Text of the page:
Jesuit devil debacle draws fire from exorcist across ecumenical lines

Jesuit devil debacle draws fire from exorcist across ecumenical lines

Jesuit devil debacle draws fire from exorcist across ecumenical lines

(Credit: LeChinchi via Flickr.)

Father Enrich Junger, an Anglican exorcist, has joined the chorus of those voicing concern over recent comments by Jesuit Father General Arturo Sosa saying the devil is not a real person, but a symbol.

ROME – Father Erich Junger, an Anglican exorcist, has joined the chorus of those voicing concern over recent comments by Jesuit Father General Arturo Sosa saying the devil is not a real person, but a symbol.

Speaking to Crux, Junger, a member of the Anglican Church of North America (ACNA), said that while he is not a spokesman for his church, as a priest and exorcist he was “greatly shocked and disturbed” to see a person of such prominence in the Jesuit order refer to the devil as “a symbolic reality, not as a personal reality.”

Though not considered part of the Anglican Communion by the Archbishop of Canterbury, the ACNA is in communion with some Anglican provinces in the Global South. It follows the Anglo-Catholic tradition on exorcism, which adheres to more of the practices and rites of the Catholic Church, tending to use the Roman Catholic rite.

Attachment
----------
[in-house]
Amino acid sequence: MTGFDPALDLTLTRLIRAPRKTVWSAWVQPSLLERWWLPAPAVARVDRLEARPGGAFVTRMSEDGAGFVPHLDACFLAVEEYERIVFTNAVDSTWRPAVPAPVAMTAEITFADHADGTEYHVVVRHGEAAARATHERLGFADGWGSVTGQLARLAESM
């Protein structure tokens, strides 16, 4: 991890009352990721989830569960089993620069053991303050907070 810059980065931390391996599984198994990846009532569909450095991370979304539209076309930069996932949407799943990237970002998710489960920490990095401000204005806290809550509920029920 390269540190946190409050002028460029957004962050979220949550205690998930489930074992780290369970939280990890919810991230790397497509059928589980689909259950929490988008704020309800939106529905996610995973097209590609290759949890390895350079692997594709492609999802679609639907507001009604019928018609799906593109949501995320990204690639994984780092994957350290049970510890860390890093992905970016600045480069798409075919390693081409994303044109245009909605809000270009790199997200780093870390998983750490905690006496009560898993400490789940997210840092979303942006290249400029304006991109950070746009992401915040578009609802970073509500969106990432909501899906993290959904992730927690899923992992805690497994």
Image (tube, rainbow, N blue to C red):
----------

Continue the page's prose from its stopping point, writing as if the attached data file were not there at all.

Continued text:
Sosa’s comments, Junger said, “are dangerous and inconsistent with the teachings maintained by the Roman Catholic Church as is codified by their own catechism.”

Though the Jesuits themselves did a fair amount of “damage control” after Sosa’s remarks, Junger said the comments were “very startling and unexpected” for many people. “I do not agree with him at all, nor do many of the orthodox Anglican priests, bishops and laity that I know who are involved in the ministries of Exorcism and Deliverance Prayer,” he said.

The kerfuffle happened last week during the annual Rimini Meeting organized by the Italian Communion and Liberation movement, when Sosa was invited to give a talk on the theme “Learning to look at the world with the eyes of Pope Francis.”

During the talk, Sosa said the devil “exists as the personification of evil in different structures but not in people, because it is not a person, it is a way of implementing evil.”

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The devil “is not a person like a human person,” Sosa said, but is rather “a way of evil to be present in human life.” He said symbols are a normal part of reality, adding that “the devil exists as a symbolic reality, not as a personal reality.”

There was immediate uproar in Catholic circles when the comments went public. The International Association of Exorcists immediately put out a statement Aug. 22 saying, “The real existence of the devil, as a personal subject who thinks and acts and has made the choice of rebellion against God, is a truth of faith that has always been part of Christian doctrine.”

Offering a lengthy history of Catholic belief in Satan, the association said belief in the devil as a person and fallen angel is a key aspect of Catholic teaching. They issued a warning to “those who, like Father Sosa, consider him only a symbol,” saying the comments do not align with Catholic belief.